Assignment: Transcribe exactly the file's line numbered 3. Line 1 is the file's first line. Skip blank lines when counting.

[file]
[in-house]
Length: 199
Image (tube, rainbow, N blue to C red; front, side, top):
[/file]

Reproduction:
Image (tube, rainbow, N blue to C red; front, side, top):